Yesterday, François Hollande was elected French President on an anti-austerity platform (making him only the second socialist president in the history of the Fifth Republic). The Greek mainstream political parties, meanwhile, received a battering in elections on Sunday to the Hellenic Parliament. The two main parties, the centre-right New Democracy party and centre-left PASOK, have seen their combined support collapse from 79 percent of the vote at the last elections to only about 32 percent yesterday. Of the 300 seats up for grabs, 151 have gone to parties that reject the Greek EU/IMF bail-out deal, making it impossible for the pro-bailout parties to form a government on their own.
Is the consensus for austerity being smashed by a resurgent European left? Or will Mr Hollande find his options limited once in office? And what does the political chaos in Greece mean for Europe? Before the elections, we spoke to Sylvie Goulard, a French MEP with the liberal Mouvement Démocrate party, and put some of your comments on the eurozone crisis to her.
First up, Alison sent in a comment arguing that: “There is no allowance for growth for Europe to get us out of this mess. We’ll be back to square one in a year to two years.” This was, essentially, François Hollande’s line during the French election campaign. Is Alison right?
Well, she’s right… but one has to understand perhaps why. The reason why some member-states have insisted so much on discipline is because the basic deal made when we created the euro explicitly stated there would be no emergency financial assistance for member states. Of course, I can personally understand the demand of Alison, and she’s right, but I can also understand why public opinion is traumatised by what happened, and why some people have been calling for tougher rules… To genuinely boost growth, you have to agree to structural reforms, labour market reforms and many other measures that politicians hate. You do not immediately see the results from these kinds of reforms and it’s painful.
Next, we had a comment from Andreas arguing that: “The only solution for Greece to see better days is to default and return back to drachmas.”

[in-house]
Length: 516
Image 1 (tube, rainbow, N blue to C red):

No, I belive it would be much worse for a country to leave the eurozone. If you leave the eurozone you will just increase your burden of debt whilst also removing the support from the other member-states… We should help Greece to rebuild a strong national economy, based on research, tourism, industry, shipping, etc. A Greek exit now might also provoke contagion effects to the rest of the eurozone. If Greece goes, what about Portugal? Or Ireland? Or Spain? Or other countries?
Finally, Michael from Greece sent in a comment calling for much closer economic and political integration as a solution to the crisis: “If Europe has common problems then Europe has to have common solutions. A common Eurobond is one of them and many others should follow.“
You cannot say right now, in the current situation, that we will create a eurobond. On the other hand, we should not exclude it in the medium-to-long term. The first step is to boost trust and growth. After some years, it might make sense to have common issuance of bonds. But it’s not a decision we can take now. The key reason for putting our debt together is not the eurocrisis, it’s the reason we adopted the euro in the first place. It’s to have a global reserve currency, with a deep and liquid bond market.
What do YOU think? Do you agree that austerity and structural reforms, whilst painful, are still the best way to return to growth for Europe? Or have the French and Greek elections changed everything? Is there still a consensus for austerity in Europe? How will the Greek election results affect things, especially if a political deadlock develops with a government unable to form. Let us know your thoughts and comments in the form below, and we’ll put them to policy-makers and experts for their reactions.
Sylvie Goulard is a French MEP. She is the liberal ALDE group coordinator on the Committee for Economic and Monetary Affairs.